So which companies to trust? Of course, I don’t have an overview of everything. However, as a Slovak, I can first of all recommend Four Sigmatic (an American company founded by Tero Isokaupilla, the author of the book Healing Adaptogens). This company produces various synergistic blends of mushrooms and other adaptogens, including mushroom coffees or cocoas. You can find blends for focus, immunity, relaxation, athletic performance, etc. Everything is of course organic, hot water extracted and lab tested.

However, I personally don’t really like blends and prefer to mix my own when I do. For this purpose I can recommend Real Mushrooms, where you can also find pure hot water powders.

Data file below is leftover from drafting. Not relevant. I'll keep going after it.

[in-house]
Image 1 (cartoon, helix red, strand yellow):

If you want a product from the Czechoslovak market, it is Myco Medica. You have to beware that if you have to choose pills, MycoMedica makes them (at least in most cases) from ground fruiting bodies, which is not the most absorbable choice from the point of view of the cell walls of the fungi. However, Myco Medics also make pills that are mostly dual-extracted.

And even though this article was actually only about powders and not tinctures, I might as well end by recommending another company that deals mostly with tinctures and does a rather nerdy one at that, called ultrasound extraction (and that’s cool too, since it destroys the chitin walls). The company is called Kaapa Mushrooms, and you can find their products in many Slovak and Czech eshops.